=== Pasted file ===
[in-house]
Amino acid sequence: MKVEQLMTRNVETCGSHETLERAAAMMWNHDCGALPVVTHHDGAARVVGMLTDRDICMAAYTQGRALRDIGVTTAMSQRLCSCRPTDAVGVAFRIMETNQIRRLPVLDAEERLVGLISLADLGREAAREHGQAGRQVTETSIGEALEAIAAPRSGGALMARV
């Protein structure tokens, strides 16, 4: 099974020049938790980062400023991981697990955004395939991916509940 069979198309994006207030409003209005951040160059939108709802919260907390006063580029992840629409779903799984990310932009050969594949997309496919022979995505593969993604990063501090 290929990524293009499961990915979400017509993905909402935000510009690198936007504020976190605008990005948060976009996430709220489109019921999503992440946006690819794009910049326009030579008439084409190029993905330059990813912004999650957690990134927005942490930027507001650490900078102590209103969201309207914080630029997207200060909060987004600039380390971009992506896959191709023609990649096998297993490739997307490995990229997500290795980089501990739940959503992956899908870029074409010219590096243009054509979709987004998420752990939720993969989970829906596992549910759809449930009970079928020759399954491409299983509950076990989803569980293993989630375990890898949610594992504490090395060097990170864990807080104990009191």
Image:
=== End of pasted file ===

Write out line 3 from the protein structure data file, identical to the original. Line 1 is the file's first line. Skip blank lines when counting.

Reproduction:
């Protein structure tokens, strides 16, 4: 099974020049938790980062400023991981697990955004395939991916509940 069979198309994006207030409003209005951040160059939108709802919260907390006063580029992840629409779903799984990310932009050969594949997309496919022979995505593969993604990063501090 290929990524293009499961990915979400017509993905909402935000510009690198936007504020976190605008990005948060976009996430709220489109019921999503992440946006690819794009910049326009030579008439084409190029993905330059990813912004999650957690990134927005942490930027507001650490900078102590209103969201309207914080630029997207200060909060987004600039380390971009992506896959191709023609990649096998297993490739997307490995990229997500290795980089501990739940959503992956899908870029074409010219590096243009054509979709987004998420752990939720993969989970829906596992549910759809449930009970079928020759399954491409299983509950076990989803569980293993989630375990890898949610594992504490090395060097990170864990807080104990009191």